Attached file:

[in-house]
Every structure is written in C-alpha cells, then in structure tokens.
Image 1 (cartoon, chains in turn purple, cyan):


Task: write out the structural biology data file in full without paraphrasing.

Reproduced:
[in-house]
Every structure is written in C-alpha cells, then in structure tokens.
Image 1 (cartoon, chains in turn purple, cyan):